There will also be some encore presentations of four of the Met's Peabody and Emmy Award-winning Live in HD broadcasts--TOSCA, L'ELISIR D'AMORE, LA BOHEME and COSÌ FAN TUTTE--at theatres across the country, as well as the Met's popular Summer HD Festival on Lincoln Center Plaza, featuring ten consecutive nights of free encore Live in HD screenings, running from August 27 to September 5. On August 26, kicking off the series, there will be a free screening of the Academy-Award-winning film AMADEUS, the fictional biography of Mozart, based on the Peter Schaffer play. No tickets necessary.

New York City Opera, June 22-26 (http://nycopera.com/)

Elizabeth Caballero as Florencia Grimaldi in
FLORENCIA EN EL AMAZONAS at Nashville Opera.
Photo: Nashville Opera

The revived New York City Opera concludes its 2016 season with the New York premiere of FLORENCIA EN EL AMAZONAS by the Mexican composer Daniel Catan with librettist, Marcella Fuentes-Berain, at the Rose Theater at Jazz at Lincoln Center, in Columbus Circle, from June 22-26. The performances of the contemporary opera--about strangers sharing an Amazon voyage in the early 1900's on the steamboat El Dorado, among them the opera singer Florencia Grimaldi--inaugurate City Opera's Opera en Español. The landmark initiative both introduces opera-lovers to a neglected but significant repertoire and reaches out to new and Spanish-speaking audiences.

FLORENCIA was co-commissioned by Houston Grand Opera, Los Angeles Opera and Seattle Opera from Mexican Catan--who died suddenly at 62--and premiered in Houston in 1996. Inspired by the magical realism of Gabriel Garcia Marquez, it was the first Spanish-language opera to be commissioned by major United States opera houses. Staged and conceived by John Hoomes, the production originated at the Nashville Opera (where he is Artistic Director), and will be conducted by Dean Williamson; it features Elizabeth Caballero as Florencia, a role she did in Nashville.

Opera Saratoga, June 24-July 17 (http://www.operasaratoga.org/)

Another work by Catan, IL POSTINO, is the centerpiece of Opera Saratoga's season, July 7-July 16. Directed by Lawrence Edelson, who heads the company, the opera tells the story of a shy postman and his relationship to the famed Chilean poet Pablo Neruda. The composer supplied his own libretto based on the novel by Antonio Skarmeta, and the film by Michael Radford. The role of Neruda was originally written for Placido Domingo, who sang the role at the opera's premiere in 2010 at Los Angeles Opera, just months before Catan's death. Richard Troxell--excellent as the lead in the Rodgers-Sondheim DO I HEAR A WALTZ? last month in New York--will be Neruda. James Lowe conducts.

From July 2-17, Saratoga will do another rarity, the U.S. premiere of THE WITCHES OF VENICE, with music by Philip Glass and libretto by Beni Montresor. This opera-ballet will be directed and choreographed by Karole Armitage, featuring members of Armitage Gone! Dance, and the Capital District Youth Chorale, and will be conducted by Viswa Subbaraman.

Prior to IL POSTINO, Saratoga will do its first LE NOZZE DI FIGARO in 20 years, directed by David Paul and conducted by Andrew Bisantz, from June 24-July 15.

PATIENCE & SARAH, JUNE 23-24 (http://patiencesarah.com/)

From left: Elsa Quéron as Sarah and Nadia Petrella
as Patience. Photo: Maria Baranova.

PATIENCE & SARAH, by composer Paula Kimper and librettist Wende Persons, which had a sold-out run at the Lincoln Center Festival in 1998, returns as a staged concert performance for two performances at the Players Theatre, 115 MacDougal Street, as part of NY Opera Fest, during Pride Week. It was commissioned and developed by American Opera Projects.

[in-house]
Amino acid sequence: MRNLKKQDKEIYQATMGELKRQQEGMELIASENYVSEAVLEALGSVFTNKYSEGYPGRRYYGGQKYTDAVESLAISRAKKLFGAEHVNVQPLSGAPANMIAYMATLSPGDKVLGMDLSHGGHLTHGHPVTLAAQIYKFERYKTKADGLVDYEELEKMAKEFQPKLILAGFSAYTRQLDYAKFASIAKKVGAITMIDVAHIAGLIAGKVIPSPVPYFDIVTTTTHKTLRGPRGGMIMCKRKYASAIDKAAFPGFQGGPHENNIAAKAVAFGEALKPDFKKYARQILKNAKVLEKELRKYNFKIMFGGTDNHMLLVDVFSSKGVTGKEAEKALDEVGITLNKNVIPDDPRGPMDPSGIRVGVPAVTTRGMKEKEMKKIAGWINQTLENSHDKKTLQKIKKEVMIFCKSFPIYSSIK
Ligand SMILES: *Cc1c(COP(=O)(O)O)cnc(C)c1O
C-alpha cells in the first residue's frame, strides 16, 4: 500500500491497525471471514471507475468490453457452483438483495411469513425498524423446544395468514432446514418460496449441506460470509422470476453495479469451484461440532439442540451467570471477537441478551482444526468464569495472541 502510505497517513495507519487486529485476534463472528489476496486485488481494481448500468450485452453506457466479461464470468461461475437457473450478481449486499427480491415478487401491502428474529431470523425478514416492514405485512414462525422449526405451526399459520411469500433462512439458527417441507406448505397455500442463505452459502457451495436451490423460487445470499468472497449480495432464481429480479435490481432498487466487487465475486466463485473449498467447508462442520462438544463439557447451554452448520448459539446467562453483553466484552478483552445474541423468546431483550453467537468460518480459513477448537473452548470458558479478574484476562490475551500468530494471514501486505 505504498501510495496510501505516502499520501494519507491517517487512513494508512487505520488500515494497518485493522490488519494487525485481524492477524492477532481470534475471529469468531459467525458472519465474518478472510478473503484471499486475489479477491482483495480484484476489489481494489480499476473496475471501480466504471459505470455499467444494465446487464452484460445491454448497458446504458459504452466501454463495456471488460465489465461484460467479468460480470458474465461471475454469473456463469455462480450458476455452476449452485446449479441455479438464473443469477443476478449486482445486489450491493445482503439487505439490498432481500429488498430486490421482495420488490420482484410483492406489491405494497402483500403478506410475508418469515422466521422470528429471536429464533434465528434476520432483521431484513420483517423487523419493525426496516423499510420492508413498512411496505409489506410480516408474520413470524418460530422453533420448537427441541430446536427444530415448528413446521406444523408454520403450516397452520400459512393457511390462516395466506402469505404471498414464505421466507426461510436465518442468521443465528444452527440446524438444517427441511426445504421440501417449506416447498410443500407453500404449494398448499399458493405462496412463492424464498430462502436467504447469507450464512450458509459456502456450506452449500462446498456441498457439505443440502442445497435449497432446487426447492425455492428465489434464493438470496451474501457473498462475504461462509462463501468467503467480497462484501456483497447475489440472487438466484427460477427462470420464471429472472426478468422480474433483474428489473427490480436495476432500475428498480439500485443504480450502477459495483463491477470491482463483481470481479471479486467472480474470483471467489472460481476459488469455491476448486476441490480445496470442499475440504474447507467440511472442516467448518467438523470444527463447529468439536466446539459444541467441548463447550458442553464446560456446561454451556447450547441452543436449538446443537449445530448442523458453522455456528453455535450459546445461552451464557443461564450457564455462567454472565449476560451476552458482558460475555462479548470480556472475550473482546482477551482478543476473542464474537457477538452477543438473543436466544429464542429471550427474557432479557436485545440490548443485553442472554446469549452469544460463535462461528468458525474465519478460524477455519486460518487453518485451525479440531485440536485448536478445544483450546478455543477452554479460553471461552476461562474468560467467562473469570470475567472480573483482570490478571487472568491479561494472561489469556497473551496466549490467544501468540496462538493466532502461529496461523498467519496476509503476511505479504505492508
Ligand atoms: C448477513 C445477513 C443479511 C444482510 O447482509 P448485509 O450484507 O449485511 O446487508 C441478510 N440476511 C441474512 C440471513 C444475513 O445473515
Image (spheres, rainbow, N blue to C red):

Considered the first opera to portray an openly romantic relationship between two self-affirming women, PATIENCE & SARAH is based on the novel of the same title by Isabel Miller and based on the true story of painter Mary Ann Willson, who lived with her companion Miss Brundage as a farmerette in the early 19th century in Greene County, New York. Kimper is conducting with Douglas Moser directing.

Here's the final duet from PATIENCE & SARAH, at a 2011 performance at the Galapagos Art Space, which was produced by American Opera Projects. https://www.youtube.com/watch?v=OwRKB7haVdI

Caramoor, June 18-August 7 (https://www.caramoor.org/)

This summer, Caramoor is presenting semi-staged productions of two near-contemporaneous operas by composers who couldn't be more different--Rossini and Beethoven--showing how these two great musicians approached musical theater in the age of bel canto.

The centuries-overdue American premiere of Rossini's AURELIANO IN PALMIRA (July 16) takes place under the baton of Caramoor's Director of Opera Will Crutchfield. He is well known for breathing new life into long-neglected operas, and this one takes some extra care, since it is one of only three Rossini operas for which no original manuscript survives. It stars young American tenor Andrew Owens.

Caramoor complements this historic revival with Beethoven's only opera, FIDELIO (July 31), the fruit of Beethoven's decade-long struggle to bend operatic forms to his own personal vision. It premiered in its final form (after an earlier failure as LEONORE) during the same season as AURELIANO. It features South African soprano Elza van den Heever, who made a splash as Queen Elizabeth in Donizetti's MARIA STUARDA at the Met, opposite both Joyce DiDonato and, this season, Sondra Radvanovsky.

Both productions feature the resident Orchestra of St. Luke's, whose Principal Conductor Pablo Heras-Casado takes the podium for FIDELIO.

Lincoln Center Festival, July 13-16 (www.lincolncenterfestival.org)

At Lincoln Center Festival, acclaimed Kun opera soprano Qian Yi